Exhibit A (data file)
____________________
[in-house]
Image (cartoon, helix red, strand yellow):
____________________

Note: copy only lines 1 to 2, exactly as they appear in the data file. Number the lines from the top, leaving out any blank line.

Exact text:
[in-house]
Image (cartoon, helix red, strand yellow):